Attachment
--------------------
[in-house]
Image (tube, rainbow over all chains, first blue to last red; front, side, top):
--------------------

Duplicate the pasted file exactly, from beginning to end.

[in-house]
Image (tube, rainbow over all chains, first blue to last red; front, side, top):